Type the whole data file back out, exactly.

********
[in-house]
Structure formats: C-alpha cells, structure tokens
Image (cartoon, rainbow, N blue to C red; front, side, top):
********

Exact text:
[in-house]
Structure formats: C-alpha cells, structure tokens
Image (cartoon, rainbow, N blue to C red; front, side, top):